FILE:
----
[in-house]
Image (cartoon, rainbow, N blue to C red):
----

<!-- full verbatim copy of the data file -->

[in-house]
Image (cartoon, rainbow, N blue to C red):